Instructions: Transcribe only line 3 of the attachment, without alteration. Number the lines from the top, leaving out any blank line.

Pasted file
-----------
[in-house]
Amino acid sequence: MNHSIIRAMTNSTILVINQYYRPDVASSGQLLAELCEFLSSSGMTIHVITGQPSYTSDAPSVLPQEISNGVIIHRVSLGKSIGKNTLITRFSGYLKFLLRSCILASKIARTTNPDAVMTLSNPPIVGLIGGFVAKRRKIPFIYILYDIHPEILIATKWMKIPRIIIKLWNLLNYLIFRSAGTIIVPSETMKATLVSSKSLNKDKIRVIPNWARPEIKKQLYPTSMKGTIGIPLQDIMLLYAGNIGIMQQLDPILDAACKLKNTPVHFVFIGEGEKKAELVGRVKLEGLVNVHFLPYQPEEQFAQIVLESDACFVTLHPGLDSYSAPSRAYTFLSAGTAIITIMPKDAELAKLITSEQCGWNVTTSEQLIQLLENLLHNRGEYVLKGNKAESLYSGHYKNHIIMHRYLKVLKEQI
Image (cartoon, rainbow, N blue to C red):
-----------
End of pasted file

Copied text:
Image (cartoon, rainbow, N blue to C red):